Agenda and minutes

Health Overview and Scrutiny Committee
Wednesday, 11 November 2020 2.00 pm

Venue: Microsoft Teams Video link.

Contact: Mr. E. Walters (0116 3052583)  Email: Euan.Walters@leics.gov.uk

Items
No. Item

Webcast.

Please note: The Health Overview and Scrutiny Committee meeting on Wednesday 11 November 2020 at 2:00pm will not be open to the public in line with Government advice on public gatherings.

 

This meeting will be filmed for live or subsequent broadcast via YouTube: https://www.youtube.com/channel/UCWFpwBLs6MnUzG0WjejrQtQ

 

17.

Minutes of the previous meeting. pdf icon PDF 248 KB

Minutes:

The minutes of the meeting held on 9 September 2020 were taken as read, confirmed and signed.

 

 

18.

Question Time.

Minutes:

The Chief Executive reported that no questions had been received under Standing Order 34.

 

 

19.

Questions asked by members. pdf icon PDF 212 KB

Minutes:

The Chief Executive reported that five questions had been received under Standing Order 7(3) and 7(5).

 

1.           Question by Mrs Amanda Hack CC:

 

Could you explain the rules for partners/friend/family members to provide support to the pregnant mother during pre-natal appointments including, scans and other routine appointments.

 

Reply by the Chairman:

 

Partners can attend for routine scans at 12 weeks (dating) and 20 weeks (anomaly) scans. Other scans in high risk situations would be considered on a case by case basis. 

 

University Hospitals of Leicester NHS Trust (UHL) would not routinely let partners into facilities that are too small or allow the number of people present to be too large to maintain social distancing.  UHL would however, for high risk, difficult and sensitive situations consider the situation on a case by case basis.

 

Within a community setting, each GP practice would have their own procedure for allowing partners in for general appointment.  However, most women are now having the initial contact with their GP to inform them of the  pregnancy over the phone.  The woman is then being signposted to register for a midwife.

 

2.           Question by Mrs Amanda Hack CC:

 

Please could you provide confirmation of the rules around the partner/birthing partner during the birth process?  Could this response consider hospital and home settings.

 

Reply by the Chairman:

The Leicester maternity service has allowed a birth partner all through the pandemic from the start of labour until the women leaves the delivery suite. This is the same in home settings. Since September the service has allowed a second birth partner once the women is in a delivery room

 

3.        Question by Mrs Amanda Hack CC:

 

Are visitors allowed into the maternity hospital and is this managed differently for babies/mums who need a longer stay?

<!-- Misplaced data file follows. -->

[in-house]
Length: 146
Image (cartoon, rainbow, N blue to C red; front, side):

Reply by the Chairman:

 

UHL introduced visiting on the ward for the birth partner for 3 hours per day.  It is challenging to offer this, therefore UHL have set times for this to happen, as they have to monitor visitors to the ward for signs of infection and track and trace purposes.

 

4.        Question by Mrs Amanda Hack CC:

 

How is follow up aftercare being managed? Individuals have expressed that this is variable across Leicestershire.  What is the practice, is this expected to be consistent across the whole of Leicestershire?  Some mothers are not being offered a 6 week check, this is has been raised for a mother who has had a difficult c-section birth even though attendance is being requested for the baby.  Is this something that is Covid-19 related or has there been a shift away from 6 week checks for new mothers?

 

Reply by the Chairman:

 

Midwives now visit the woman one day after discharge, day five and a telephone call is made on day ten.  This is routinely done across Leicester, Leicestershire and Rutland.  However, if problems are identified or concerns raised a personal post-natal care plan is put in place. Women are generally discharged from midwifery service between 10-14 days, but the service can care for them up to 28 days, if necessary.

 

Six week checks are still very much part of the process for new mothers/babies however Covid-19 has created a problem with having these done face to face. At the start of the pandemic, Health Visitors were keeping lists of any women who had not received their 6 week check and began working through these as the lockdown restrictions were eased. GPs have been actively encouraged to keep track of any appointments where women/babies cannot be seen face to face and have been asked to report on any  ...  view the full minutes text for item 19.

20.

Urgent items.

Minutes:

There were no urgent items for consideration.

 

 

21.

Declarations of interest.

Minutes:

The Chairman invited members who wished to do so to declare any interest in respect of items on the agenda for the meeting.

 

No declarations were made.

 

 

22.

Declarations of the Party Whip.